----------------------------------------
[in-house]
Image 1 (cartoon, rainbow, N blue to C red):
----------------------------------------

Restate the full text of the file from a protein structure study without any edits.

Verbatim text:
[in-house]
Image 1 (cartoon, rainbow, N blue to C red):